North Texas Daily

Hard work, faith and success define Wagoner’s first year with softball

Hard work, faith and success define Wagoner’s first year with softball

Hard work, faith and success define Wagoner’s first year with softball
April 27
12:00 2023

For junior right-handed pitcher McKenzie Wagoner, faith has guided her to where she is now. 

Wagoner started her career at Liberty University in 2021, basing her decision to attend the university on its Christian culture. After pitching for two years with the Flames, Wagoner entered her name into the transfer portal prior to the 2023 campaign.

“After two years, I decided that it wasn’t the place for me — it didn’t feel like home anymore,” Wagoner said. “I felt like God was calling me to go somewhere else and that’s how I chose North Texas.”

Head coach Rodney DeLong and his staff had an eye on Wagoner in her high school days in Newcastle, Oklahoma. A standout from Newcastle High School, Liberty recruited the pitcher early, picking up an early commitment her freshman year and retaining Wagoner’s loyalty through high school.

When Wagoner entered the portal, DeLong was quick to make contact. 

“I watched her play when she played at Newcastle High School and travel ball,” DeLong said. “I knew she was always talented, but she committed to Liberty a long time ago. The second she got in the portal, I knew that was one we’d try to go after.”

Wagoner has led the Mean Green in pitching this season alongside senior left-handed pitcher Ashley Peters. Both pitchers have a sub-two earned-run average — with Wagoner holding the advantage at a 1.74 mark — and rank in the top five of Conference USA in overall pitching

Peters said Wagoner has raised the pitching staff’s competition level. 

“She has helped us out as a bullpen as a whole,” Peters said. “She pushes us all to be better and she’s just really competitive.”

Wagoner’s main skill is pitching, but she brings a dual threat to the Mean Green as a productive batter. She pitched and hit before college, but never took an at-bat in a competitive game before playing at North Texas. 

DeLong was adamant in saying while Wagoner could hit, she would have to earn a spot in the lineup before the season started. As North Texas’ lineup hit a bump in the road at the end of March and early April, Wagoner began getting more at-bats as the team searched for offensive production. 

“[Wagoner] didn’t get a whole lot of at-bats early,” DeLong said. “We were struggling and looking for a spark and gave her the opportunity and she ran with it — it’s a reflection of her, and hopefully she’ll continue to hit.”

Since recording her first career hit on April 1 versus the University of Alabama-Birmingham, Wagoner has raised her average from .000 to .206 as of April 25. Pitching is her main focus, but Wagoner said she wanted to go to a school that gave her the “opportunity to pick up a bat.”

“I knew I could hit the ball — I just needed an opportunity,” Wagoner said. “I got that here at North Texas.”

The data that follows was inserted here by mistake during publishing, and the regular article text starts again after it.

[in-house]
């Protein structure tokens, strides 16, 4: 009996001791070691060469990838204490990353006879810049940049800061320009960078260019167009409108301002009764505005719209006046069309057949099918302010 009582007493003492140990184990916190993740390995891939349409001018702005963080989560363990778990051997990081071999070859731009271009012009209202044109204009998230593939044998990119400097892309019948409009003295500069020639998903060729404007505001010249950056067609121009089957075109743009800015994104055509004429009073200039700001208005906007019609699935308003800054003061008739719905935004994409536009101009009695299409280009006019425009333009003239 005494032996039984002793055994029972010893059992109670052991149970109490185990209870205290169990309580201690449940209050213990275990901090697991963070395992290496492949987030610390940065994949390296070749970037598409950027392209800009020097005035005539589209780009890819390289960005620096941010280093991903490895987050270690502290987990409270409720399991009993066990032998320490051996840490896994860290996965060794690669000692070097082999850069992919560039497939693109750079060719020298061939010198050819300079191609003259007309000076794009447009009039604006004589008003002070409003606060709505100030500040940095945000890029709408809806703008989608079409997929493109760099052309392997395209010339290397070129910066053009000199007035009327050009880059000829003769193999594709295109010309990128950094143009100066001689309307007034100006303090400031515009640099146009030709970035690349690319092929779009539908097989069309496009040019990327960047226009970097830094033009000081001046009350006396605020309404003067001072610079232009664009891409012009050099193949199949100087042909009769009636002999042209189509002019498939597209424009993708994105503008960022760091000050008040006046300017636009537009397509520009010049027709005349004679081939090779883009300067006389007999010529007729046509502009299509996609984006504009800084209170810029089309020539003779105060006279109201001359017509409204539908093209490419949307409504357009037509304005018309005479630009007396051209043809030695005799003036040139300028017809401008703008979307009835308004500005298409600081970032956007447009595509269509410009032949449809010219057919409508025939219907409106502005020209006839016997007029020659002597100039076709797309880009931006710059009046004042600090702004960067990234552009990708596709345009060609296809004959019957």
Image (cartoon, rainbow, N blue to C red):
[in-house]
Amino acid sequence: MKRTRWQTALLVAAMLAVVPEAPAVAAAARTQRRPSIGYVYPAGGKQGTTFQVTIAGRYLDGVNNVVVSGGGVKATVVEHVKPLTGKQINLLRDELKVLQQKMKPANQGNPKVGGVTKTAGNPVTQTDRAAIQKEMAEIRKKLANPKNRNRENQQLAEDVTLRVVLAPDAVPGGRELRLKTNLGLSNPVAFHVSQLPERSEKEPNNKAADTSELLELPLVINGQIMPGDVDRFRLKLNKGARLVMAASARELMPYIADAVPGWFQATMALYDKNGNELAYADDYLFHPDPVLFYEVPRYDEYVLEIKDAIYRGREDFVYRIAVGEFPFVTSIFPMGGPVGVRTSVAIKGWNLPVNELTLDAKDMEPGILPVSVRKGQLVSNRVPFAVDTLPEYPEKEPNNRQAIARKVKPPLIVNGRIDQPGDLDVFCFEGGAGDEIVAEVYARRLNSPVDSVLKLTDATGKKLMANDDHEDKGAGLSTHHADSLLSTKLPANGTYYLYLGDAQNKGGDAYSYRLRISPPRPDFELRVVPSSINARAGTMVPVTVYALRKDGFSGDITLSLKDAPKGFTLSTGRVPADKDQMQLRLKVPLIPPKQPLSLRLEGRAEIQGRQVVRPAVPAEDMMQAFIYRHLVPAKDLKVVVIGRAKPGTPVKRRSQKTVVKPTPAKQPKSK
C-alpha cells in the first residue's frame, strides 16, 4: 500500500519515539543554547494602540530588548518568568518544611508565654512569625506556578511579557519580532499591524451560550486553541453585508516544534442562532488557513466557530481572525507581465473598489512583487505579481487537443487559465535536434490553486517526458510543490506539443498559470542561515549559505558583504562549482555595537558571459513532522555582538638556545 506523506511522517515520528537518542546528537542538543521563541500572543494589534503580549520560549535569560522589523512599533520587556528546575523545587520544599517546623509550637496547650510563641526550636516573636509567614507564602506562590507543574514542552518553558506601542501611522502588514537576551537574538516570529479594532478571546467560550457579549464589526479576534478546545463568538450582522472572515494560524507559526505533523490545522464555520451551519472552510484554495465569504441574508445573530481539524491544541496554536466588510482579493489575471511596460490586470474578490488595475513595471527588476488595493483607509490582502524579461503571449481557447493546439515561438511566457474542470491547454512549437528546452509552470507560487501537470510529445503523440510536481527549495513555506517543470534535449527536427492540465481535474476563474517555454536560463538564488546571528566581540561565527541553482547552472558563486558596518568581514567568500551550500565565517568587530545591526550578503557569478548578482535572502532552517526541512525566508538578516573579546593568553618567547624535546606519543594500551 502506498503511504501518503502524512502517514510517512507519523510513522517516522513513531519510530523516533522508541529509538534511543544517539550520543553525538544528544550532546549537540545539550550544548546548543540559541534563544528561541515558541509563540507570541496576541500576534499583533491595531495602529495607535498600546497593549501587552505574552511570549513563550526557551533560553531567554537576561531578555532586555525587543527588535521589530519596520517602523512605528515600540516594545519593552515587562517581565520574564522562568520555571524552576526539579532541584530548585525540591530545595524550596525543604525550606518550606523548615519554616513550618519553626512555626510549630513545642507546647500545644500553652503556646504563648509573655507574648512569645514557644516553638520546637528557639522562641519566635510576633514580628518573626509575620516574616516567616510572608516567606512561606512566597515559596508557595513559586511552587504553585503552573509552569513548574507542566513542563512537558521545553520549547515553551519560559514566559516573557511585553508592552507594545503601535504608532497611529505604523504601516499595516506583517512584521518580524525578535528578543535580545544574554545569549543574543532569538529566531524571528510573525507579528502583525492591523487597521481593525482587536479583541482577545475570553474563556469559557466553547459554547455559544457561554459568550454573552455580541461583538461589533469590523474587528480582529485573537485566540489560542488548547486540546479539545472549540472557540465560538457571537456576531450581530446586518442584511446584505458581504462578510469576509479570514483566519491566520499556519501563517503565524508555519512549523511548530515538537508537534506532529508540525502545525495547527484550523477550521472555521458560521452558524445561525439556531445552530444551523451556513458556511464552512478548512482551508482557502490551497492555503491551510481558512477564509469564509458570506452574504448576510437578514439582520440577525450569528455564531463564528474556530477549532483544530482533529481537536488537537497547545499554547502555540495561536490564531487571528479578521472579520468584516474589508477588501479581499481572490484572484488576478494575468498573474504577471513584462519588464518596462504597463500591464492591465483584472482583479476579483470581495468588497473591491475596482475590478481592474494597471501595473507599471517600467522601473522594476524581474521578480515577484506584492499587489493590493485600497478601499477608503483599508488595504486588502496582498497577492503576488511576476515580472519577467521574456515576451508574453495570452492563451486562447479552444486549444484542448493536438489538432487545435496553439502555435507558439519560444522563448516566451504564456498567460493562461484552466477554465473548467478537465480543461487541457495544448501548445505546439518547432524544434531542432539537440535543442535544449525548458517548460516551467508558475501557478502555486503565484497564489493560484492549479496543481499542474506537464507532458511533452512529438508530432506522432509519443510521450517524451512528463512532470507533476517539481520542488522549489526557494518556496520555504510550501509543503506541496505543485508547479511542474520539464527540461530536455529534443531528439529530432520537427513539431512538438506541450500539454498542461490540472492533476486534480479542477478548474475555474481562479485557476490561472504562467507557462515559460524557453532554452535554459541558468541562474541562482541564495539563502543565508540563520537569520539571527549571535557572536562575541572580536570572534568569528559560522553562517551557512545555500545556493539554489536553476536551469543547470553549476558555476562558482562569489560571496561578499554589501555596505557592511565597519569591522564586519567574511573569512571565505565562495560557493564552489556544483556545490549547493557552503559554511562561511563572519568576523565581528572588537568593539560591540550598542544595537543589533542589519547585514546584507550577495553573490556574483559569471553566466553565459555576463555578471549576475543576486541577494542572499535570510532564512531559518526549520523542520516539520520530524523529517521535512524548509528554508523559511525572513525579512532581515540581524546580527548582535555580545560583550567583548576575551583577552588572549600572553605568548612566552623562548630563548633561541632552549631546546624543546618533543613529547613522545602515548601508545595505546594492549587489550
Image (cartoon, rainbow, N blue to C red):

The right-handed pitcher has had two key moments at the plate this season. Wagoner picked up her first career home run in a game she started in the circle against the University of Texas-El Paso on April 7.

“I was seeing the ball really well that weekend, and I think I had the pitcher’s number pretty well,” Wagoner said. “It came down to a full count and you just have to breathe, get in the right mindset and say, ‘just hit it hard somewhere,’ and that’s what I did.”

Facing the University of North Carolina-Charlotte on April 15, Wagoner singled in the winning run in a come-from-behind victory for the Mean Green. Wagoner said her faith got her through the walk-off at-bat. 

“I knew I wanted to do this for my team ­— I knew they were relying on me,” Wagoner said. “I was just praying to God — all glory to him, he got me through it.”

During the week, Wagoner has one of the busier training schedules on the team. As a pitcher and batter, she throws bullpens and takes batting practice, switching between the two in practices throughout the week. Her battery mate, junior catcher Kalei Christensen, said she admires Wagoner’s hard work.

“It’s tough on her because she’s having to do it on both sides,” Christensen said. “She’s having to go into the circle and be successful on top of being able to get it done in the lineup — that’s a testament to her.”

With North Texas winning five of its last six conference games, Wagoner is a key part of the team’s recent success. In her first year in Denton, she has made an impact on DeLong, who said he believes Wagoner could have a future in a position similar to his own. 

“I want to know what [Wagoner] is doing with her future,” DeLong said. “I think the kid could be a coach, she’s extremely smart — I’d want to know if she’d have an interest in coaching, because I’d like to hire her.”

Featured Image Junior pitcher McKenzie Wagoner throws a pitch in the first inning against the North Carolina-Charlotte on April 14, 2023. Matt Iaia

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Reed Smith

Reed Smith

sports editor

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